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Russia Launches Sochi Clampdown One Month Before Olympics

Russian President Vladimir Putin (left) listens to the head of the Sochi 2014 Olympic preparatory commission, Russian Deputy Prime Minister Dmitry Kozak, during a January 3 visit to one of the 2014 Winter Olympics venues.
Russian President Vladimir Putin (left) listens to the head of the Sochi 2014 Olympic preparatory commission, Russian Deputy Prime Minister Dmitry Kozak, during a January 3 visit to one of the 2014 Winter Olympics venues.
Russia has launched what is being described as one of the largest security operations in Olympic history with one month to go before the start of the winter games in the Black Sea resort of Sochi.

Emergency Situations Minister Vladimir Puchkov said that starting on January 7, "All divisions responsible for ensuring the guests' security at the games are being put on combat alert."

He added: "Every facility will be put under protection and a space-based monitoring system will be launched."

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Army soldiers manning armored vehicles and navy officers patrolling the Black Sea will join more than 30,000 police and troops overseeing the February 7-23 event.

Vehicles not registered locally and which do not have special accreditation will be banned from Sochi.

Access to areas around Olympic venues will be limited to people with tickets and proof of identity.

Additional measures to be deployed down the line include the monitoring of mobile-phone and e-mail traffic by the Federal Security Service.

According to Andrei Soldatov, a Russian journalist, security expert, and editor in chief of the online news site, the security procedures being put in place in Sochi are reminiscent of the Soviet era.

"It appears that Russian special services put their bets on a combination of old Soviet type of administrative measures with modern monitoring and surveillance technologies," he said.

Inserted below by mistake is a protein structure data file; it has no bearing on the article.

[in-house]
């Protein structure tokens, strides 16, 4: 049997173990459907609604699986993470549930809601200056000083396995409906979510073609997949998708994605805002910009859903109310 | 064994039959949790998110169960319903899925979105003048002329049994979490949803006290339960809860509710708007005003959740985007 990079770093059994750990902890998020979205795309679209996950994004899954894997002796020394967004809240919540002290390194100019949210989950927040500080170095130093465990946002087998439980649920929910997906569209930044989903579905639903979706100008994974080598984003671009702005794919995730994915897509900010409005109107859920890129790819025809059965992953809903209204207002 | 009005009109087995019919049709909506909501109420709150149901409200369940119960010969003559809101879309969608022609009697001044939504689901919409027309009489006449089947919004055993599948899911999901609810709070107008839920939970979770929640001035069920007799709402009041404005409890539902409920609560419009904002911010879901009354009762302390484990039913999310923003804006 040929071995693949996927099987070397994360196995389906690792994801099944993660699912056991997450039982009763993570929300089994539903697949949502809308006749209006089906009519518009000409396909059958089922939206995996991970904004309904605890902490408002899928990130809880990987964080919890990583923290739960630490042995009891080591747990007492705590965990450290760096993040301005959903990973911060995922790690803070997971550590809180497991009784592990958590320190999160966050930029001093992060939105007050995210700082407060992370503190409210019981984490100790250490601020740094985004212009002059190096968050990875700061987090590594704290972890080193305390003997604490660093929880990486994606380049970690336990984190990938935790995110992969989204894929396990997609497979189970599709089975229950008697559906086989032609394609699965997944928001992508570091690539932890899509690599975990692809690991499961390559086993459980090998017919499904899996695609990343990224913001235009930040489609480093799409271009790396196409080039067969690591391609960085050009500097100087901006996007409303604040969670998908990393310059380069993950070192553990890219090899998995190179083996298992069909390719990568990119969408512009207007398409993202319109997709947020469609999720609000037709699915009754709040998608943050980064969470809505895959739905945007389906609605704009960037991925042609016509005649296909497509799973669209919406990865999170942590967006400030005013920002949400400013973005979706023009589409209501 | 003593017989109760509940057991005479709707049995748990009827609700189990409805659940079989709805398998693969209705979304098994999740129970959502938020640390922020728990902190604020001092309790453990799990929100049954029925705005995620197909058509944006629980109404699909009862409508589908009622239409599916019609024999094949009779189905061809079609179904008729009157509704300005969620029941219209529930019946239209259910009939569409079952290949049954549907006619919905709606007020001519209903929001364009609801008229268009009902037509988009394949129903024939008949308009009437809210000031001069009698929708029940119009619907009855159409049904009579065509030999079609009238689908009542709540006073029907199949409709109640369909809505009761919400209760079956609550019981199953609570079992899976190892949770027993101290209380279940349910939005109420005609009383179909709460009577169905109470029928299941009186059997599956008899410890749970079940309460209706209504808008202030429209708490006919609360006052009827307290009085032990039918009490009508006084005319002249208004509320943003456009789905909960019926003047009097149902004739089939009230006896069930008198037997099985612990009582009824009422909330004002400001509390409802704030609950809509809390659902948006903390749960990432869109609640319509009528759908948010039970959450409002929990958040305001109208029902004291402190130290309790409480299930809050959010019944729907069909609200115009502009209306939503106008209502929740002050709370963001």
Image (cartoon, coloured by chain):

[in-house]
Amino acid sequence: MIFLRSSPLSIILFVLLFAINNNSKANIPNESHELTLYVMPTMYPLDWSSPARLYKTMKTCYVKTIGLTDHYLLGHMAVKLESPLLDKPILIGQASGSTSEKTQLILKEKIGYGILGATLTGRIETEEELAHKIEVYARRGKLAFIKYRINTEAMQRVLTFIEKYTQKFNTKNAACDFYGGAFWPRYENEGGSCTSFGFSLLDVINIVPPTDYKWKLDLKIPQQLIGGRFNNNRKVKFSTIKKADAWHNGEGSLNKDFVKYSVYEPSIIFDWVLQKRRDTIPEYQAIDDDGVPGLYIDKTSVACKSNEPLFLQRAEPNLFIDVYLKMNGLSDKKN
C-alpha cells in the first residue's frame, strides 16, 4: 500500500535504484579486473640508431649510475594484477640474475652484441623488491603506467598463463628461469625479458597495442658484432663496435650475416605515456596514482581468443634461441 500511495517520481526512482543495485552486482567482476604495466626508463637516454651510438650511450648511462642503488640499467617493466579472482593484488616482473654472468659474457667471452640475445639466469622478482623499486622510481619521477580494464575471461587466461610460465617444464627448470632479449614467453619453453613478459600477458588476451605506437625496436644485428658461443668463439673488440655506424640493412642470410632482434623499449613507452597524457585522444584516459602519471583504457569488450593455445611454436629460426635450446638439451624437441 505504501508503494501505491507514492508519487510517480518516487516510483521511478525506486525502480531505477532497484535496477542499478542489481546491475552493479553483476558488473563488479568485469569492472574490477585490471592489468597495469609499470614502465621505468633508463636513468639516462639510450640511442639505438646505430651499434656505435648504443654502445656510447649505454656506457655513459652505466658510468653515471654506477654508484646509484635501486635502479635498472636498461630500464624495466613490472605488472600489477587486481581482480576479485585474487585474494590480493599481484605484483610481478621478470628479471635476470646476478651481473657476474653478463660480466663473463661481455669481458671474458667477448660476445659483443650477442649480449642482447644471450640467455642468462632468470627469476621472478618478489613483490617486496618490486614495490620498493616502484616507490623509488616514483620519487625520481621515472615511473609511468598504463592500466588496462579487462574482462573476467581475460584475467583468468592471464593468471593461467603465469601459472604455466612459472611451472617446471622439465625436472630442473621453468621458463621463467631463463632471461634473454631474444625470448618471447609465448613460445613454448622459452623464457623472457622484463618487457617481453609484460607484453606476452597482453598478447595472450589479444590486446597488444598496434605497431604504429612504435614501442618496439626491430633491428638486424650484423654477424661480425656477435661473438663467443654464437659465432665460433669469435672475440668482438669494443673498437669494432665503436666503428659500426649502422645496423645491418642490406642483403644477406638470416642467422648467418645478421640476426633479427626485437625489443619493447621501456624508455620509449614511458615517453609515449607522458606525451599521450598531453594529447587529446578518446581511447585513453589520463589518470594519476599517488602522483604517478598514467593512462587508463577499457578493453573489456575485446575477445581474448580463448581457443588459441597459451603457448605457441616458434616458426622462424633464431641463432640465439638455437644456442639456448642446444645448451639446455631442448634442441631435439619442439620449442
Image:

"An example of this could be the screening of [Olympic] spectators. In order to be able to buy a ticket [to a sports venue], one needs to fill out a questionnaire and be issued a so-called 'sport fan's passport.' Then there are preventive measures like the screening of everybody coming [into the Sochi Olympics zone] by special services. Then there are blacklists. Information surfaced a couple of weeks ago that local police [in Sochi] are now tasked with creating a database of people inclined to terrorism. All of it, of course, has an aftertaste of Soviet practices."

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President Vladimir Putin ordered further security measures and personally inspected Olympic sites after 34 people died in two suicide bombings in Volgograd last month.

Investigators strongly suspect Islamist militants from the North Caucasus carried out those attacks.

Soldatov said that Russian authorities can't rely on passive security measures to protect the games from militants who truly desire to cause harm.

"All of the surveillance technologies -- from unmanned drones to sonars that are supposed to identify enemy submarines -- may bring some results, but they are still passive security measures," he said.

"In dealing with a lone wolf or small groups of fighters that may be planning [terror] operations, the main work must involve something very different -- namely, active measures, the active work of [antiterrorism agencies] to uncover such plans. This is exactly the area of expertise that constitutes a weak spot of the Russian special services."

Putin responded to mounting diplomatic pressure on January 4 by easing a ban on demonstrations in Sochi. The decree says rallies not related to the Olympics can be held in the city if approved by the local authorities.

There also have been calls for boycotting the Olympics because of a law passed in 2013 banning "propaganda of nontraditional sexual relations" among minors. However, Putin insists gay and lesbian athletes will feel at ease during the games.

With reporting by AFP, the BBC, and RFE/RL's Russian Service
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